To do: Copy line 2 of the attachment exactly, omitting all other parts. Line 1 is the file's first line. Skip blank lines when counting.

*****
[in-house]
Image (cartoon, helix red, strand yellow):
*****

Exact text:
Image (cartoon, helix red, strand yellow):